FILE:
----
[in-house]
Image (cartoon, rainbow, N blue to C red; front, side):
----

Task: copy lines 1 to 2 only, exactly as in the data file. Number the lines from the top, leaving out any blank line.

[in-house]
Image (cartoon, rainbow, N blue to C red; front, side):